The winter is playing hard to let go, seems my progress (and therefore worthwhile update) is mired as well. So it's time for more scenery.
This thing was salvaged from a decommissioned heap at a local facility. I don't know if it's the ink marker or the metal work that screams home-brew louder, probably the ink labelling. That said, the empty slot cut in the panel is a serious weak point, and I've taken to handling this gingerly as it does exhibit flex.
Flexible framework and iron do not make for an ideal pairing.
Here the sense of home-brew punctuates many nuances of this build; take the size of that fuse and the gauge of wire connected as example. This piece is almost inspiration for one of those find 10 things wrong with this picture puzzles, but to really do that right I'd want to stick Waldo in there somewhere and I'm sure there's some IP protocol prohibiting such behaviour. Such is the world as has been built.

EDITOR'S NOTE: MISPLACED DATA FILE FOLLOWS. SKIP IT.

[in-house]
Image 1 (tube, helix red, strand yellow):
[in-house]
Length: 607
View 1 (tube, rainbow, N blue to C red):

This was the puzzler for me. I spent a few days just glancing at it in passing, subconsciously chewing on it (maybe, the subconscious continues to forge its own itinerary thank you very much). Until this morning when I grabbed it for photographic purpose and noticed the inlet on the underside.
Why, I do believe this a vacuum operated switch. A rather sensitive one from the size of it.. While it would appear that changing out or adjusting the spring tension will manipulate response curves I wonder if this will reliably cover the range of operation I would want to deploy in a vacuum table.
Since I HIGHLY doubt I will redeploy this unit to do whatever it was designed to, I'll probably pull that plunger assembly and find out, when I get to that phase in the CNC project.